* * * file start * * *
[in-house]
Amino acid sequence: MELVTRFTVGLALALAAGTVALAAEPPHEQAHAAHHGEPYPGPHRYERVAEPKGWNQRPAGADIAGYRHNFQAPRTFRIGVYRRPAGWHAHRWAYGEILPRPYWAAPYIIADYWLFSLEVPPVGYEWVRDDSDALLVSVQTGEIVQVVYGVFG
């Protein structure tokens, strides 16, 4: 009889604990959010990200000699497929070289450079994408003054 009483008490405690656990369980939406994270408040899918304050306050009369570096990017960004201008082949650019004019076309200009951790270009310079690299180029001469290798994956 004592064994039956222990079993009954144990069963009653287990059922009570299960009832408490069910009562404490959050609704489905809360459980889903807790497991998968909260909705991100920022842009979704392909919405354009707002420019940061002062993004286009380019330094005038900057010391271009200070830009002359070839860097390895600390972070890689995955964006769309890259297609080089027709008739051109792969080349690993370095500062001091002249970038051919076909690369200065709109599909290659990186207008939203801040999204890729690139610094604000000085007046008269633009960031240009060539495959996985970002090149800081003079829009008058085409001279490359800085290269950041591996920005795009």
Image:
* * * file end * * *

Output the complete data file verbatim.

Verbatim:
[in-house]
Amino acid sequence: MELVTRFTVGLALALAAGTVALAAEPPHEQAHAAHHGEPYPGPHRYERVAEPKGWNQRPAGADIAGYRHNFQAPRTFRIGVYRRPAGWHAHRWAYGEILPRPYWAAPYIIADYWLFSLEVPPVGYEWVRDDSDALLVSVQTGEIVQVVYGVFG
């Protein structure tokens, strides 16, 4: 009889604990959010990200000699497929070289450079994408003054 009483008490405690656990369980939406994270408040899918304050306050009369570096990017960004201008082949650019004019076309200009951790270009310079690299180029001469290798994956 004592064994039956222990079993009954144990069963009653287990059922009570299960009832408490069910009562404490959050609704489905809360459980889903807790497991998968909260909705991100920022842009979704392909919405354009707002420019940061002062993004286009380019330094005038900057010391271009200070830009002359070839860097390895600390972070890689995955964006769309890259297609080089027709008739051109792969080349690993370095500062001091002249970038051919076909690369200065709109599909290659990186207008939203801040999204890729690139610094604000000085007046008269633009960031240009060539495959996985970002090149800081003079829009008058085409001279490359800085290269950041591996920005795009």
Image: